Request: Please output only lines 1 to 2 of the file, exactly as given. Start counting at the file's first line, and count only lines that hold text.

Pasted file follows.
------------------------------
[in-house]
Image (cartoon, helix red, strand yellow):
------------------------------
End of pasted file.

[in-house]
Image (cartoon, helix red, strand yellow):